Bringing in ‘intellectual’ property rights
Bolatto et al. (2019) investigate the effect of changes in the quality of IPR institutions on the organisational decisions along the supply chain by an additional choice a firm has to make at all stages. On top of the hold-up problem, the firm must transmit knowledge to its suppliers to facilitate their activity (more knowledge transmission makes input better suited to the firm’s specific needs). To avoid knowledge dissipation, the firm has to protect the transmitted intangibles, the cost of which increases with the knowledge intensity of the input produced by each supplier, and decreases with the quality of IPR institutions in supplier locations. It follows that imperfect IPR protection reduces the amount of knowledge transmitted by the firm to a supplier, affecting the organisation decision through the incentive structure of suppliers’ investments induced by the sequential nature of production.
New empirical evidence
We use a comprehensive dataset on the population of Slovenian firms in 2007-2010, obtained by merging their transaction-level trade data with their outward cross-border foreign direct investment, additional financial data, and input-output relations. We use this data to test how the strength of IPR institutions affects a firm’s probability of transacting an input within its boundaries, depending on the input knowledge intensity, and its position along the supply chain.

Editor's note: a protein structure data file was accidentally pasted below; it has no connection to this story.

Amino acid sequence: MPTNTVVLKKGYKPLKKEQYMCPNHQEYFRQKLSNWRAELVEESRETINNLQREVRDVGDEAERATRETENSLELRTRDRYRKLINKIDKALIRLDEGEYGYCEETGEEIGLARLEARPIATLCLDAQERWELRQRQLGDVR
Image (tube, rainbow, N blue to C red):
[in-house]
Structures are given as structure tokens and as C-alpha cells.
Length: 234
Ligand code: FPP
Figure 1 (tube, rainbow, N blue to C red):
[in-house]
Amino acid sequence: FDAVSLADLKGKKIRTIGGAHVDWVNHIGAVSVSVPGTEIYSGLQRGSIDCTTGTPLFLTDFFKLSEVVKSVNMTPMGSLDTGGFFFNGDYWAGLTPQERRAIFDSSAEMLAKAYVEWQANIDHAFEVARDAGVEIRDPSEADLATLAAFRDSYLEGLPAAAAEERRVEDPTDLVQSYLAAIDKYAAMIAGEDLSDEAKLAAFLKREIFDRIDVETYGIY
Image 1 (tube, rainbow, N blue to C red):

The results start from the premise presented by Antràs and Chor (2013): under perfect IPR protection, firms are more likely to outsource upstream when investments are sequential complements and integrate if they are sequential substitutes. Our findings reveal that IPR institutions are an important factor in the organisational decision of firms in industries in which inputs are sequential complements. Imperfect IPRs reduce knowledge transmission, with a substantial impact on the knowledge intensive side of the value chain. If downstream stages are heavily affected, the firm increases its instances of integration to compensate for forgone rents. If instead upstream stages are knowledge intensive then the propensity to outsource increases to compensate for the depressed incentives to invest along the value chain.
Figures 1 and 2 summarize the impact of IPR improvements on firm integration decisions for sequential complements, distinguishing between industries with knowledge concentrated in upstream and downstream stages. Figure 1 shows the average marginal effects of better IPR protection on the likelihood of integrating a supplier, while Figure 2 depicts the resulting changes in the incidence of outsourcing and vertical integration. Consider the case when knowledge intensive inputs are concentered upstream (right panel in Figures 1 and 2). Under weak IPR institutions, the firm compensates for less knowledge transmission upstream by extending the number of outsourced stages at the beginning of the supply chain. The reverse happens when inputs are more knowledge intensive downstream (left panel in Figures 1 and 2), where weak IPRs prompt a firm to start extracting more rent at an earlier stage by means of integration.
Figure 1 Average marginal effects of IPR improvements on the likelihood of vertical integration at different stages of the supply chain (sequential complements)